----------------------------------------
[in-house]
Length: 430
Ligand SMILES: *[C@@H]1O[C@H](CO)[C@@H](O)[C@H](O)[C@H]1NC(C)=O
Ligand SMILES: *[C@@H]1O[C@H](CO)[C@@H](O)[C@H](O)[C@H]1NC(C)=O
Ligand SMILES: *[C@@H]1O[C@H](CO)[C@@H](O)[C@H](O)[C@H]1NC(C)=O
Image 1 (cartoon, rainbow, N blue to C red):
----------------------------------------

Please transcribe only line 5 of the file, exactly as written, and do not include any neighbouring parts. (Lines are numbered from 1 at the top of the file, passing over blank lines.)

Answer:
Ligand SMILES: *[C@@H]1O[C@H](CO)[C@@H](O)[C@H](O)[C@H]1NC(C)=O